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The fifth film on my DVR was the 2015 haunted house film, We Are Still Here.  I recorded We Are Still Here off of the SyFy channel on March 20th.  Sad to say, I really can’t remember what I was doing or watching on March 20th while my DVR recorded one of the best horror movies of the previous year.  I was probably watching something pn Lifetime.  That usually seems to be the case.

But anyway, let’s talk about We Are Still Here.

As a self-professed lover of both horror and old grindhouse exploitation films, there is really no excuse for it to have taken me this long to see We Are Still Here.  We Are Still Here is one of those wonderfully low-budget indie films that mixes a traditional genre — in this case, the haunted house film — with a far less traditional view of humanity.  With its mix of bump-in-the-dark horror and cynicism about human nature, We Are Still Here feels like a mix of the Coen Brothers and H.P. Lovecraft.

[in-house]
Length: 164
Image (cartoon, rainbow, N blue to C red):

Anne (Barbra Crampton, a veteran of horror films like Castle Freak and You’re Next) and Paul (Andrew Sensenig, who played the mysterious antagonist of Upstream Color) are a married couple who are struggling to deal with tragedy.  Their son, Bobby, was recently killed in a car wreck.  Anne is trapped in a prison of depression, while Paul just wants to move on with their lives.  Hoping that it will help them to forget their sadness, Paul and Anne buy a house in New England.

(New England, not coincidentally, was also the home of H.P. Lovecraft, as well as being the setting for some of his best-remembered stories.)

But, of course, the house proves to be anything but therapeutic.  From the minute they move in, Anne is convinced that they are not alone.  With every mysterious sound and strange happening within the house, Ann becomes more and more convinced that the spirit of Bobby is with them.